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This tag is associated with 20 posts

Social Workers Complement – Not Replace – Support Networks For The Less-Privileged

The argument that less-privileged or disadvantaged Singaporeans should be respected as individuals with agency who are capable of making decisions for their households, rather than as people with problems, is incontrovertible. The same can be said of Mr. Gerard Ee’s related argument that the design of Singapore’s social service ecosystem can be improved by creating an environment of mutual help (ST, Jan. 3). Yet it is not necessarily true that programmes and services offered by the social and community service sector – and by extension, the work of social workers – replace “natural support networks” or “the notion of a caring community”. Instead, three other things seem to be missing: First, an understanding of how social workers should position themselves and their programmes and services; second, research studying the context and conditions of Singaporeans at the margin; as well as third, the involvement of the broader public, beyond those who work within the social service sector. Continue reading

To Improve Volunteerism Rates Among Young Adults, Study School-Based Community Programmes

Speaker of Parliament Tan Chuan-Jin is hardly the first to emphasise the importance of volunteerism in Singapore, with the accompanying statistic that among young adults aged 25 to 34 “only 29 per cent of respondents [to the Individual Giving Survey, administered by the National Volunteer and Philanthropy Centre] in that age group volunteered for a social cause in 2016” (ST, Jan. 27). Yet progress has hardly been made, because little is known about the effectiveness of school-based community programmes – Values in Action, the Community Involvement Programme, and service-learning projects – as well as the reasons why young adults may not be willing to or able to volunteer. Continue reading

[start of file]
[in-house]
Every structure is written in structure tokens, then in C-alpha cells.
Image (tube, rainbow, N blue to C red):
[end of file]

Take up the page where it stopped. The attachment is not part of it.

Donors – Not Just Crowdfunding Websites – Must Exercise Discretion

Even though the abuse of crowdfunding websites in Singapore appears to be the exception, rather than the norm, the Commissioner of Charities (COC) is right to work “with key players in the crowdfunding scene to develop a set of best practices for crowdfunding sites” (ST, Nov. 30). Yet missing from this endeavour is a more concerted call for donors themselves to exercise greater discretion when giving money – online, and even offline – and in this vein hold non-profit causes and organisations to greater account. This is even more critical, if one considers the ease with which potential abusers can turn to other platforms such as direct bank or money transfers to solicit donations for ill intentions. Continue reading

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